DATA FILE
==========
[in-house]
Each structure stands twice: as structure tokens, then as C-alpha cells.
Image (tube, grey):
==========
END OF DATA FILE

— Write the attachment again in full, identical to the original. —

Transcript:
[in-house]
Each structure stands twice: as structure tokens, then as C-alpha cells.
Image (tube, grey):